Is the freedom to reject God—definitively, irrevocably, everlastingly—authentic freedom? Eastern Orthodox, Roman Catholic, Arminian, and all other free-will defenders of eternal perdition must answer yes. To answer otherwise would mean that God permits individuals who live under a serious form of bondage, constraint, or limitation—and are thus incapable of morally responsible action—to injure themselves irreparably. As is commonly stated, God does not damn; the damned damn themselves. Yet the notion that human beings are capable of freely separating themselves from the bliss of the Kingdom and thus freely embracing eternal torment is far more complex than we might initially imagine.
I’d like to come at this by first briefly considering our Lord’s famous parable on the Last Judgment:
Now, whenever the Son of Mankind may be coming in His glory, and all the holy messengers with Him, then shall He be seated on the throne of His glory, and in front of Him shall be gathered all the nations. And He shall be severing them from one another even as a shepherd is severing the sheep from the kids. And He shall be standing the sheep, indeed, at His right, yet the kids at the left. Then shall the King be declaring to those at His right, ‘Hither, blessed of My Father! Enjoy the allotment of the kingdom made ready for you from the disruption of the world. For I hunger and you give Me to eat; I thirst and you give Me drink; a stranger was I and you took Me in; naked and you clothed Me; infirm am I and you visit Me; in jail was I and you come to Me.’ Then the just will be answering Him, saying, ‘Lord, when did we perceive Thee hungering and nourish Thee, or thirsting and we give Thee drink? Now when did we perceive Thee a stranger and took Thee in, or naked and we clothed Thee? Now when did we perceive Thee infirm, or in jail, and we came to Thee?’ And, answering, the King shall be declaring to them, ‘Verily, I am saying to you, In as much as you do it to one of these, the least of My brethren, you do it to Me. Then shall He be declaring to those also at His left, ‘Go from Me, you cursed, into the fire eonian, made ready for the Adversary and his messengers. For I hunger and you do not give Me to eat; I thirst and you do not give Me drink; a stranger was I and you did not take Me in; naked and you did not clothe Me; infirm and in jail and you did not visit Me.’ Then shall they also be answering, saying, ‘Lord, when did we perceive you hungering or thirsting, or a stranger, or naked, or infirm, or in jail, and we did not serve you?’ Then shall He be answering them, saying, ‘Verily, I am saying to you, In as much as you do it not to one of these, the least, neither do you it to Me.’ And these shall be coming away into chastening eonian, yet the just into life eonian. (Matt 25:31-46 [CLNT])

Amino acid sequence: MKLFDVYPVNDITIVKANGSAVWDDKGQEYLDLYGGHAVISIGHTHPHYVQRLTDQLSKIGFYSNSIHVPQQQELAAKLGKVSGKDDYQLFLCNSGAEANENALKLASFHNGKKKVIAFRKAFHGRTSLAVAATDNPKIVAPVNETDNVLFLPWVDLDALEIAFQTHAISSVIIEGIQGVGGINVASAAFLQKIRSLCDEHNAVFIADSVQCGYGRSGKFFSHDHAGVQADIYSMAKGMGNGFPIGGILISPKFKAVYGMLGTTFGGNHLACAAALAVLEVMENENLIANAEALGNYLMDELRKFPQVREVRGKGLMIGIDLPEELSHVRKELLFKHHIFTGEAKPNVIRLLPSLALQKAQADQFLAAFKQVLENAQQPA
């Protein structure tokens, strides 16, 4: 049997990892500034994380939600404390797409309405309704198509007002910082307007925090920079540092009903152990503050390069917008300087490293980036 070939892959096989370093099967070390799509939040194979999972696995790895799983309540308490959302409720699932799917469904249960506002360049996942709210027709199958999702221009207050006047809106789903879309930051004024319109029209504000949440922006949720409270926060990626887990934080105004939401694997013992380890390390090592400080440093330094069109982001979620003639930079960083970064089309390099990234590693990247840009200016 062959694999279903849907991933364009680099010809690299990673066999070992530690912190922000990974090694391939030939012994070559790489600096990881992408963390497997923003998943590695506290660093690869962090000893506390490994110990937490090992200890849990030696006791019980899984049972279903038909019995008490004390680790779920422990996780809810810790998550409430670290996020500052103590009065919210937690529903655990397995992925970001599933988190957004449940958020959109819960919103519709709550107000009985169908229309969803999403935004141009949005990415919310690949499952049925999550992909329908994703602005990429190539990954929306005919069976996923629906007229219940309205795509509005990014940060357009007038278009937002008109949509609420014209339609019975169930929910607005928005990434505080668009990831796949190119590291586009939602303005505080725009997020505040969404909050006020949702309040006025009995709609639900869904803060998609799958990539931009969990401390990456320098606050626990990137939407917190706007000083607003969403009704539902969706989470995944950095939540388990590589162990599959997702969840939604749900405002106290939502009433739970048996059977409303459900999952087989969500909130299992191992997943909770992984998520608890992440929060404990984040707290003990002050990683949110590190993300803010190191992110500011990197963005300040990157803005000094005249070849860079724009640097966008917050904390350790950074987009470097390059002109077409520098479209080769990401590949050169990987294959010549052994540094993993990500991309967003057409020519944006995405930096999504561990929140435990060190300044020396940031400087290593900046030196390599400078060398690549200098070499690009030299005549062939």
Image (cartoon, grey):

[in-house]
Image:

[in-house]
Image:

Both the sheep and the goats are surprised by the divine verdict. The righteous are unaware that by their service to the poor and needy they had served the Lord, and the reprobate are unaware that they had failed to serve the Lord. The former are rewarded with life eonian and the latter with fire eonian. In the exegetical tradition that eventually became the dominant tradition the sentence delivered upon the wicked is understood as an everlasting punishment. The great 11th century Byzantine commentator, St Theophylact of Ohrid, offers the following interpretation:
He does not give honor or punishment until He has first judged. For He loves mankind and teaches us to do the same as well, not to punish until we have made a careful examination. In this way those who are punished after the judgement will have no cause for complaint. … He sends those on the left into the fire which had been prepared for the devil. For as the demons are without compassion and are cruelly and maliciously disposed towards us, it is fitting that they who are of like mind with them, and who have been cursed by their own deeds, should merit the same punishment. See that God did not prepare the fire for men, nor did He make hell for us, but for the devil; but I make myself liable to hell. … Tremble, then, O man, and understand from this that these men were not punished as fornicators, or robbers, or perpetrators of any other vice, but for not having done good. …